25pc stimulus-receiving RMG units retrench workers: study 

Staff Correspondent | Published: 22:40, May 08,2021


A file photo shows workers protesting against non-payment of wages in front of a readymade garment factory in the capital. Twenty-five per cent of the government stimulus loan-receiving garment factories has cut headcounts in violation of conditions associated with the loans, according to a study conducted by the Centre for Policy Dialogue and the Shojag Coalition Study.— New Age photo

Twenty-five per cent of the government stimulus loan-receiving garment factories has cut headcounts in violation of conditions associated with the loans, according to a study conducted by the Centre for Policy Dialogue and the Shojag Coalition Study.

The study report was released at a webinar titled ‘Corporate Accountability of the RMG sector in view of Covid Pandemic: Challenges in Ensuring Workers’ Well-being’ on Saturday.

The government has so far allocated Tk 10,500 crore to the garment factory owners as stimulus to support them pay the workers’ wages and allowances.

‘However, 25 per cent of the factories violated the order of not retrenching workers,’ said the study report.

CPD research director Khondaker Golam Moazzem presented the study report.

‘If the workers were not retrenched or paid as per law, the livelihood challenges would not be so worse. This responsibility cannot be ignored by the factory management,’ the report said.

Attending the webinar as chief guest, commerce minister Tipu Munshi said that it was the duty of the factory owners to ensure that workers received just dues for their labour.

He also said that factory owners were not receiving the same prices for their products what they got previously.

During the pandemic, the majority of factories received benefits which were announced under the stimulus package, the study report said.

It said that the majority of workers did not know whether their factories received any benefit from the government.

The impact of Covid-19 outbreak was comparatively higher on workers who lost their jobs and remain unemployed.

Unemployed workers received a limited amount of support from the government and the non-government organisation, the report said, adding that lack of proper planning in disbursement of support deprived female unemployed more.

The stimulus package has disproportionately supported more large-scale enterprises, the report said.

In the case of job loss, 59 per cent of them received the salary only while 18 per cent of them received nothing from their employers, it said.

Worker wages have increased by 5 per cent after a year, however, their household income has declined by 0.7 per cent. Workers’ income alone is not sufficient to ensure workers’ livelihood requirement.

The majority of enterprises are struggling to reach the elementary level of corporate accountability in the RMG sector.

Thirty per cent of the workers complained about rising pressure of work and 22 per cent workers complained about rise in work-related harassment.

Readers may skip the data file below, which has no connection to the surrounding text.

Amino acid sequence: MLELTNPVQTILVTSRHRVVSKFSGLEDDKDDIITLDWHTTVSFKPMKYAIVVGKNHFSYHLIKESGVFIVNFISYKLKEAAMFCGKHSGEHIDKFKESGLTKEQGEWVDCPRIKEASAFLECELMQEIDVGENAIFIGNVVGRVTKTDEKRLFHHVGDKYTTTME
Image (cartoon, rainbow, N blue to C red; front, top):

Workers do not feel free in speaking against any malpractices as they feel threatened to be blacklisted which would stop getting job in the RMG sector in future, the study observed.

‘Workers can hardly challenge the decision of their removal even it seems unfair or illegal to them,’ it said.

Only 41 per cent of employers claimed that they cleared all the dues of workers during laying off or retrenchment, the study report said.

Kalpona Akter, executive director of the Bangladesh Center for Workers’ Solidarity, said that the Bangladesh Garment Manufacturers and Exporters Association should share more information on the arbitration settlement process.

Abdullah Hil Rakib, director of the BGMEA, emphasised making the mid-level management more aware of the labour rights to ensure a healthy working environment.

BGMEA president Faruque Hassan said that the BGMEA’s arbitration cell was very active and he would work towards ensuring the recommendations to share more information on arbitration settlement process.

He also said that that they were not aware of using central data base against workers.

He also mentioned that he welcomes further social dialogues.

Sara Hossain, honorary executive director of the Bangladesh Legal Aid and Services Trust, suggested including labour courts in the virtual court processes and allowing the courts to conduct alternative dispute resolution and give emergency orders.

Mohammad Hatem, first vice-president of the Bangladesh Knitwear Manufacturers and Exporters Association, said that there was a need for responsible trade unions.

He said that layoffs and non-payment of wages did not occur on a large scale.

CPD distinguished fellow Mustafizur Rahman emphasised strengthening social dialogues to reduce the gap between employers, workers and government offices concerned.

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